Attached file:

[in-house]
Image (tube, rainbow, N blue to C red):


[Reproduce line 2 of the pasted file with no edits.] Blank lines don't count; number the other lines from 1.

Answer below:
Image (tube, rainbow, N blue to C red):